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HR Leaders Say Tech Spending Will Slow, Despite Digital Transformation Needs

A man is sitting at a table with a laptop in front of him.

​Human resource executives plan just a 1.8 percent increase in IT spending in 2023, down from 8.7 percent in 2022, according to The Hackett Group's HR Key Issues report.

The reduction in IT spending is occurring at a time when HR organizations are being asked to fill gaps in productivity and efficiency—gaps that have increased since last year's study, the report states.

The findings come from a survey that included HR, IT, finance, procurement and other executives at 350 midsize and large enterprises across the globe.

The poll, which was conducted in November and December 2022, showed that approximately two-thirds of respondents across all business functions said an economic downturn or recession would be the top risk this year.

More than half of the respondents cited concerns about talent shortages and inflation, and more than a quarter said an inability to successfully transform the business and related functions was a key concern.

HR executives said HR's workload will increase by 10.5 percent.

"The job has not gotten easier," said Anthony DiRomualdo, senior research director at The Hackett Group. "We are sensing a little bit of exhaustion in terms of recognizing all of the things that the business needs from HR and that employees need from HR and then recognizing where they are and the fact that there are gaps."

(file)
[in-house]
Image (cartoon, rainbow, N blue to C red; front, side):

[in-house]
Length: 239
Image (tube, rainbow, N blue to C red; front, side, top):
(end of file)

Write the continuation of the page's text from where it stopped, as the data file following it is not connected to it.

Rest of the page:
While HR executives say IT spending will drop this year, it should be noted that they also say they've spent more on technology in previous years. For example, 60 percent of survey participants said they adopted tools enabling hybrid meetings prior to 2022, and 20 percent said these tools were adopted in 2022. However, only 7 percent said they plan to implement these tools in 2023.

In the employee wellness solutions segment, a similar story is playing out, with 53 percent of respondents saying they implemented these tools prior to 2022, 7 percent saying they adopted them in 2022 and 10 percent planning to implement them in 2023. 

Interestingly, 27 percent of participants said they plan to implement internal talent marketplaces in 2023. That is the technology solution projected to receive the highest adoption rate this year. However, 20 percent of respondents said they implemented internal talent marketplaces before 2022, and 10 percent adopted these marketplaces in 2022.

Only 13 percent of respondents plan to implement onboarding chatbots in 2023, while 3 percent said they plan to adopt manager-employee instant feedback tools this year.

The report also said the projected growth rate for cloud-based, core human capital management application suite solutions is 20 percent, and the growth rate forecast for business process management and workflow tools is 18 percent. The projected growth rate for HR point solutions is 13 percent. 

"Spending on HR technology will continue to be robust in 2023, it just won't grow as fast as it did in 2021 and 2022," said Mike Brennan, chief service officer at Leapgen, a company that helps customers digitally transform their human resource functions. "The hottest areas will include those supporting the priorities covered in the Hackett report."